While I agree that media matters (why else would we even be discussing this?), it’s just not true that audiences only ever see what a show explicitly and obviously tells them. Pretty much all literary theory agrees that how we understand a story’s “message” is majorly influenced by what we already bring to the story (our background, our values, our experiences), and that skill doesn’t begin only after we’ve hit 30. Or even 16.
If we’re not ready to hear a certain message (women are people, gay/queer people are flawed human beings just like straight people, racism exists, etc.), then no amount of preachy storytelling will change that. Or, put a different way, if the vast majority of the media tells us women are all kinds of inferior, and if we can’t help but believe that because it’s on TV, how come feminists who think otherwise even exist?
Stories don’t have fixed meanings, no matter how explicitly they seem to push a certain message. I can use a sexist story to point out how misogyny works and turn it into a teaching tool. Someone who is anti-feminist can use a picture-book feminist story and use it as an example for how deluded and crazy we all are. Stories don’t have fixed meanings. And that includes non-fictional stories.
As far as Glee is concerned, I believe this show deliberately tells us ambiguous, complex, difficult stories over and over again. We get to see both/all sides, we get to see everyone’s feelings and worries and subjective takes, and we always scramble to determine who’s right and who’s wrong, and then we fight over our different takes (because we never unanimously agree!), when it’s actually all about “life is messy, human relationships are messy, feelings are messy, and there is no easy solution to any of this, but, hey, we made you think/talk, right?”
We do disagree, but we don’t? I agree that I don’t think media should be the ONLY means by which people learn right or wrong. But I do think it is part of how society educates, we can’t deny how media has a huge influence on shaping people’s world view, what we read, what we watch, what we listen to. And popular shows like Glee need to be aware of what messages they send to their huge and young audience and show a certain amount of responsibility with all that power because people absorb it. And if they don’t take the ideas their show puts out into the world seriously and sends harmful messages, I think I can critically discuss their choices. Because even if they wish it didn’t; their show has meaning, words mean things, media matters.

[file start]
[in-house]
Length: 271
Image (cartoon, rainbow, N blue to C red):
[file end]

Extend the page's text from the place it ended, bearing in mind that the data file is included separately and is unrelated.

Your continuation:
I hope you’re right about this storyline getting proper weight. And while I would agree with Blaine deciding that in real life, stories are not real life. Ryan is the person who will name what happened here, and the audience gets to agree or disagree with how he does this. When it’s not autobiographical people get to criticize the choices an author makes about how they portray serious issues like non-consensual sexual touching and their effects on characters (“people”), Twilight, Glee, whatever.
That’s how I see it, and that’s why I disagree with people that got angry about the situation and the episode. Their reactions shocked me even more than the scene. The plot wasn’t there for nothing. It’s about how Tina’s head is at the moment, about how messy she is at the moment, about how she’s not just a quiet little girl, but someone who can make very serious mistakes. I agree that fiction and media are not here to teach things, cause to me their mission is to introduce situations to people and make them analyse it, think about it, discuss it and take their own conclusions. Being a bad attitude doesn’t mean it’s a bad story. And I saw people liveblogging it on Tumblr, it was scary to see their reactions, cause they didn’t even want the scene to exist. But this kind of thing has to be shown, and there’s no need for moral lessons here. We saw it and that’s more than enough. Now let Blaine and everyone else deal with it the way they think it’s better… Honestly, even though it was a bad thing, I think she needs help, more and with more urgency than just punishment. But this opinion changes from mind to mind – which is the good thing about fiction.
@TeileDesGanzen I agree that people can watch with critical thinking and compare what they’re taking in to what information they already have. But that doesn’t mean everyone does this or can do this and that media has no responsibility at all. That you can use a sexist story as a teaching example for feminism doesn’t mean that the original story isn’t harmful, like in situations where it is not used to teach feminism, it hurts people’s feelings for bigoted reasons even if they know better that to buy into it, and it doesn’t take away it’s original wrongness to learn it is wrong.
I really disagree that that’s what Glee is generally going for. Which I’m kind of glad about because that sounds kind of like a mess of a show to me. (No offense intended, I get that you watch it like that and enjoy it, I personally just myself would not like to watch Glee like that. Emphasis to me.) Glee can be very cleverly written, like Kurt’s bullying arc in the beginning was one of the best portrayals of bullying I have seen, really showing how sneaky and cruel and prevalent it is and how all the big things and the tiny things slowly break a person down. But Glee has writing flaws too. The show and the writers have their opinions on how the audience should feel about things, and sometimes the narrative wants the audience to feel something that has wrong messages attached to it.